Stanley Druckenmiller is a legendary investor with a long and successful career on Wall Street. He began his career as an economist, but soon left academia to gain hands-on experience in the investment world. He worked for George Soros and ran his fund, Duquesne Capital, before retiring in 2010. In today’s FA Alpha Daily, we’ll examine Druckenmiller’s portfolio and provide a deeper look at his current holdings to see how it stands in the current financial world.
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Stanley Druckenmiller’s investing career has been composed of lots of ups and downs.
But what made him a Wall Street legend is his ability to tackle almost every single problem he has encountered over this 30-year-long investing career.
He started to get interested in financial markets during his studies but wanted to get real industry experience. With that important decision, he dropped out of his Ph.D. in Economics and started to work as a securities analyst.
Later on, George Soros discovered his talent and trusted him to run his biggest fund. While working together, the duo has made one of the most famous trades in history. They “broke the Bank of England” by shorting the British pound sterling, making more than $1 billion in profits.
This trade has put Druckenmiller’s name on the world stage.
However, his success and fame have slightly faded away after taking on significant losses during the dot-com bubble.
These losses made him resign from Soros Fund Management by the end of that year. This might have been a step down for him but it was also an opportunity to focus solely on his own fund, Duquesne Capital.
After realigning his focus, Druckenmiller has come back with an incredible investing performance.
By making a 30% annualized return between 2000-2010, he proved again his ability to overcome challenging situations.
This ability is actually what defines Druckenmiller as a legendary investor. Over his 30-year-long career, he developed a reputation for his ability to adapt quickly to changing and challenging market conditions.
As he gained more experience and learned from his mistakes, he became more flexible in his investment decisions, being willing to adjust his positions and portfolios as new information appear.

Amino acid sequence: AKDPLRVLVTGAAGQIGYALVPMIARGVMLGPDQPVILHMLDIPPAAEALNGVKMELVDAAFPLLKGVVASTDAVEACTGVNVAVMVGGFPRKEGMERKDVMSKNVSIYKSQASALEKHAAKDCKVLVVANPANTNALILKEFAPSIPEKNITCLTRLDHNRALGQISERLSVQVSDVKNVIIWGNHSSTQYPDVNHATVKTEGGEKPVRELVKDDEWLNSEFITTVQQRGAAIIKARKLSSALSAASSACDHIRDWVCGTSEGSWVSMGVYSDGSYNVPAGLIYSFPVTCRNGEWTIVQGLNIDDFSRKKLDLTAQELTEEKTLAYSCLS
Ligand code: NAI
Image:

In 2010, he made another important decision for his career and announced his retirement. One of the main reasons for his retirement was that he couldn’t get the flexibility and adaptability he wanted while managing huge sums of money, and these were the traits that made him a legend.
After announcing his retirement, the fund was recording a loss of around 5% but Druckenmiller did not want to let his investors down. He shortly took new positions to capitalize on Fed’s Quantitative Easing program and closed the fund with a small gain for his investors.
Since closing the fund, he has concentrated on managing his own money and opened up the Duquesne Family Office to continue what he loves to do.
Let’s take a closer look at the top holdings of his most recent portfolio and evaluate if he is well-positioned for another challenging market environment.
Economic productivity is massively misunderstood on Wall Street. This is reflected by the 130+ distortions in the Generally Accepted Accounting Principles (GAAP) that make as-reported results poor representations of real economic productivity.
These distortions include the poor capitalization of R&D, the use of goodwill and intangibles to inflate a company’s asset base, a poor understanding of one-off expense line items, as well as flawed acquisition accounting.
It’s no surprise that once many of these distortions are accounted for, it becomes apparent which companies are in real robust profitability and which may not be as strong of an investment.
See for yourself below.
Looking at as-reported accounting numbers, investors would think that the Wall Street legend Druckenmiller invests in below-average companies.
On an as-reported basis, many of the companies in the fund are poor performers. The average as-reported ROA for the top 15 holdings of the fund is 7%, which is below the U.S. corporate average.
However, once we make Uniform Accounting adjustments to accurately calculate the earning power, we can see that the average return in Duquesne Family Office’s top 15 holdings is actually 21%.
As the distortions from as-reported accounting are removed, we can see that IQVIA Holdings (IQV) isn’t a 5% return business. In fact, the company boosts a Uniform ROA of 123%.
Meanwhile, Microsoft (MSFT) seems like a 15% return business, but this massive technology corporation actually powers a 39% Uniform ROA.
That being said, to find companies that can deliver alpha beyond the market, just finding companies where as-reported metrics misrepresent a company’s real profitability is insufficient.
To really generate alpha, any investor also needs to identify where the market is significantly undervaluing the company’s potential.
These dislocations demonstrate that most of these firms are in a different financial position than GAAP may make their books appear. But there is another crucial step in the search for alpha. Investors need to also find companies that are performing better than their valuations imply.